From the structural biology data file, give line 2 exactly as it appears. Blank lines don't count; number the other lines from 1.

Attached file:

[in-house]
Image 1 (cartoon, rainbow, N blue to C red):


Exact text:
Image 1 (cartoon, rainbow, N blue to C red):